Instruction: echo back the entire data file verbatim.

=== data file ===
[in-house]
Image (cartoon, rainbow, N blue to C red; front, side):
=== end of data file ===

[in-house]
Image (cartoon, rainbow, N blue to C red; front, side):